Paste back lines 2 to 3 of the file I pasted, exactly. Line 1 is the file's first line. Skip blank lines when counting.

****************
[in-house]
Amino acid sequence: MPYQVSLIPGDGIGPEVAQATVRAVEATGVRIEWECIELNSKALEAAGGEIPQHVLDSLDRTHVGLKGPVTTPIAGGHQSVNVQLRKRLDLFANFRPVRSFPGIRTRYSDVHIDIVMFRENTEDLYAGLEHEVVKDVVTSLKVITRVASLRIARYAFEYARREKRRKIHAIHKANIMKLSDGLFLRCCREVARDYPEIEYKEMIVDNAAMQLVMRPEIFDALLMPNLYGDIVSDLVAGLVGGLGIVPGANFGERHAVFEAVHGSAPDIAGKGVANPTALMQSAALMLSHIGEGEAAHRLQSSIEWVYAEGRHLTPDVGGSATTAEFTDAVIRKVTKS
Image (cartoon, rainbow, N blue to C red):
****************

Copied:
Amino acid sequence: MPYQVSLIPGDGIGPEVAQATVRAVEATGVRIEWECIELNSKALEAAGGEIPQHVLDSLDRTHVGLKGPVTTPIAGGHQSVNVQLRKRLDLFANFRPVRSFPGIRTRYSDVHIDIVMFRENTEDLYAGLEHEVVKDVVTSLKVITRVASLRIARYAFEYARREKRRKIHAIHKANIMKLSDGLFLRCCREVARDYPEIEYKEMIVDNAAMQLVMRPEIFDALLMPNLYGDIVSDLVAGLVGGLGIVPGANFGERHAVFEAVHGSAPDIAGKGVANPTALMQSAALMLSHIGEGEAAHRLQSSIEWVYAEGRHLTPDVGGSATTAEFTDAVIRKVTKS
Image (cartoon, rainbow, N blue to C red):